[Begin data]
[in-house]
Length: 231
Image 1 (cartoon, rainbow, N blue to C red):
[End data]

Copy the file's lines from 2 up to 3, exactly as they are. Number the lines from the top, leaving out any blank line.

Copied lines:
Length: 231
Image 1 (cartoon, rainbow, N blue to C red):